There is a bizarre and defensive truism about Birmingham I remember hearing often while growing up there; that the city has more miles of canal than Venice. As the place that regularly leads national polls as the least desirable place to live in England, Birmingham has been keenly aware of its image problem for many years. Various efforts have been made to redefine a once powerful industrial centre as an equally important cultural one; a glut of public sculptures of drastically varied quality now jostle for attention in the city's squares, and three enormous shopping malls stand almost back to back in the city centre, their names pretentious and disorientating - The 'Pallisades', 'Pavillions' and 'Plaza'. To add to this confusion there is the centrally-located National Indoor Arena and the National Exhibition Centre on the city's outskirts. The NIA is perhaps best known as home of the TV series Gladiators, the American import that has found a devout following across the country, while the vast NEC provided the ideal location for Monarchy: The Nation Decides, the recent television debate about our favourite family soap and its current image problem.
The opening graphics, all spinning golden pound coins and serif type against a shimmering British flag, set a nice Regal tone as our host Trevor MacDonald invited us to join him 'in the biggest live debate ever staged', asking the big question, 'Do You want a Monarchy?' This question was to be discussed by a studio panel, while throughout the show we at home were encouraged to ring in with our own verdict ('the biggest phone-in ever'). The studio audience of 3,000 ('the biggest ever assembled') was, we were informed, 'hand-picked' from over 20 major cities to represent ordinary people from all walks of life; 'from housewives to national heroes, accountants to Olympic athletes, world cup-winning footballers to window cleaners' and so on. They were there to help our decision-making with a series of instant polls. As it transpired, a lot of them seemed to be under the impression they'd been brought to Birmingham for an evening of Gladiators, their shouts and taunts of the kind usually reserved for 'Wolf' and his lycra-clad combatants.
Several panellists initially attempted to redefine the over-simplification of the question itself; were they here to debate the future of the monarchy as an institution or that of the current Royal family? Such subtleties were apparently not appropriate, and within minutes the speakers could barely be heard above the racket the audience made each time they attempted to speak. Each panellist had a maximum of half a minute in which to comment, which was often just enough time to regurgitate some long standing animosities between those present. Frederick Forsyth (Monarchist) in surly and belligerent form, continually swiped the air in front of him with a pencil like an intolerant headmaster; 'Shut up' was all he offered a lame point made by Andrew Morton, the man whose biography of Princess Diana 'seemed to have been written by someone for whom English must be their second language', as another panellist couldn't resist saying. Morton, looking wounded and keen to display his razor sharp debating skills declared apropos of nothing that 'the buck stops at Buckingham Palace', a phrase so obviously premeditated and yet so pitifully weak that no one bothered to respond.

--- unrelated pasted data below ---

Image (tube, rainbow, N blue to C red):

Interspersing the debate we met some members of the audience and gained their views on this serious matter. John Stapleton picked his way across the aisles to interview a couple of harmless eccentrics glad to be given the opportunity to publicly declare their daft obsessions. There was the self-appointed 'Queen Margaret of North Wembley', who wears a crown while on the throne (the variety found in the smallest room in most homes rather than the one reserved for HRH); further entertainment was provided by Mr Andrew Parkes, who was very pleased to announce that he watches a video of the Queens Christmas speech every day at 3pm. 'Sad!' shouted someone sitting two rows back, a sentiment echoed later in the programme when we heard that the Sun newspaper's considered response to the debate would be an interview with Mr Parkes the following morning. In jarring contrast was the genuine embitterment of an 'old soldier' who having once fought for Queen and Country, felt he could no longer support a monarch who allowed so many elderly to suffer hardships far greater than those endured fifty years before.